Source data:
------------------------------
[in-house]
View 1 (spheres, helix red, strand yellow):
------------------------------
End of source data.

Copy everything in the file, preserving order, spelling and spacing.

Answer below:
[in-house]
View 1 (spheres, helix red, strand yellow):